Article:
Weather and snow observations represent a series of meteorological and snow surface measurements taken at a properly instrumented study plot. Observational data take at regular intervals provide the basis for recognizing changes in stability of the snow cover and for reporting the weather to the meteorological office. In the long term, observations may be used to improve the ability to forecast the avalanche hazards by statistical and numerical techniques.
Use a “~” in the notebook when no observation was made. Code as “U” if the observation was attempted but no reliable value could be ascertained. Do not leave blanks. Only write “0” when the reading is zero.
Standard Observations: Taken at regular daily times, usually at 0700 and 1600. If only one standard observation is taken per day, that observation should be made in the morning.
Interval Observations: Taken between standard times, usually when the snow stability is changing rapidly. Interval observations may contain only a few select observations.
Intermittent Observations: Taken at irregular times, usually at sites that are visited infrequently. Intermittent observations may contain only a few select observations.
Carried equipment for weather and snow observations typically include:
The following equipment is also used at fixed study plot sites:
Title. Location, elevation.
Time. 24-hour time using local time. Operations that overlap time-zones should standardize to one time.
Observers. Initials, with the primary observer first.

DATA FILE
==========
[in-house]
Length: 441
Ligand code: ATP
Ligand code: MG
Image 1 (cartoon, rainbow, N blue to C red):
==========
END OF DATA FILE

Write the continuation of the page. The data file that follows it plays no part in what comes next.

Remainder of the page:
Sky Condition. Classify amount of cloud cover with one of the symbols below:
With Valley Fog, estimate the elevation of the bottom and top of the fog layer in meters above sea level. Given the elevation to the nearest 50 m. Data code is VF with bottom and top elevations separated by a hyphen.
When the sky condition features a thin cloud layer, precede the symbol with a dash. Thin cloud has minimum opacity, such that the disk of the sun would still be clearly visible through the clouds.
Precipitation Type. Record the type of precipitation at the time of observation.
Precipitation Intensity. Record the precipitation intensity in centimetres of snow per hour.
Air Temperature. Record the maximum, current, and minimum temperatures. Read all air temperatures to the nearest 0.5 degree.
Air Temperature Change in the Past 3 Hours. Use an arrow symbol to record the temperature trend over the past three hours. If using a thermograph, record the current air temperature to the nearest degree.
At the end of temperature observations:
Relative Humidity (RH). Record the relative humidity to the nearest one percent from the hydrograph.
Note: Hygrographs are inaccurate at low temperatures, and the accuracy of any mechanical hydrograph is unlikely to be better than 5%. Humidity measurements are more relevant from upper-elevation sites than from valley-bottom sites.
Snow Temperatures. Allow the thermometer to come to equilibrium and then read the thermometer while the thermistor is still in the snow.
Depth of Snowfall. Use a ruler to measure (in cm) the depth of snow accumulated on the snow boards. Take measurements in several sports on the boards and calculate the average to the nearest centimetre. Record “0.1” when the depth is less than 0.5cm. Do not consider surface hoard on the boards as snowfall. Clear off the hoar layer after observations. Clear the snow boards after sampling the weight of new snow and redeposit the snow in the depression left behind.